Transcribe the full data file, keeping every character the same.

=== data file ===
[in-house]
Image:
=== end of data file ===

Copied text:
[in-house]
Image: